Study Reveals Michigan's Golf Industry Has Major Impact

Michigan's golf industry generates a lot of greenBLOOMFIELD TOWNSHIP, Mich. - With the eyes of the world turning to Michigan this week for the 90th PGA Championship at Oakland Hills Country Club, results of an independent study were recently released highlighting the importance of golf to the economy of Michigan.

As a leader in the country for golf, the study found that in 2006, golf in Michigan generated 56,977 direct and indirect jobs and over $1.3 billion in golf-related hospitality and tourism spending. The independent study also established that the state's golf industry generated $4.2 billion of direct, indirect and induced economic impact, along with providing multiple areas of positive economic impact on the state. The state ranks first in the nation in number of public golf facilities and third in the nation in the number of 18-hole equivalent courses. 

The results of the study were announced at a breakfast at Oakland Hills Country Club where leaders from the national allied associations of golf and the Michigan Golf Alliance were joined by many top government leaders from around the state.

Published in September 2007 by SRI International, the study was commissioned by the Michigan Golf Alliance and was accomplished through a comprehensive, standardized framework that can be replicated nationwide.

The study is part of the ongoing effort by the World Golf Foundation's Golf 20/20 initiative to quantify golf's economic, environmental and human impact at both the national and state levels. Golf 20/20 is supported by golf's national allied associations, including The PGA of America, Golf Course Superintendents Association of America, Club Managers Association of America, National Golf Course Owners Association, United States Golf Association, the PGA TOUR and the Ladies Professional Golf Association.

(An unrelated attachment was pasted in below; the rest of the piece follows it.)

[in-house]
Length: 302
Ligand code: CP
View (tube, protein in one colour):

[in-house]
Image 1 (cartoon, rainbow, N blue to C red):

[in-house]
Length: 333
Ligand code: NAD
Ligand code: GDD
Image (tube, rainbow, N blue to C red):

The Michigan Golf Alliance is comprised of the Michigan PGA Section, the Michigan Golf Course Owners Association, the Michigan Golf Course Superintendents Association, the Golf Association of Michigan, Michigan Turfgrass Foundation and Travel Michigan.

"Our organizations have come together so that we can better illustrate the tremendous importance that the golf industry has to the State and its citizens," said Golf Association of Michigan Executive Director David Graham. "As evidenced by the economic impact study, the golf industry is an important contributor to our economic vitality in Michigan. We hope that the state legislature will work with our organizations when considering legislation and regulatory procedures affecting the golf industry in the State so we can maintain and grow this vitally important industry."

Among the findings in the Michigan Golf Economy Report, the golf industry:

  • Generated 56,977 direct and indirect jobs for its citizens.


  • Generated $2.2 billion of direct economic output.


  • Generated $1.4 billion in direct and indirect salaries and wages in the state economy.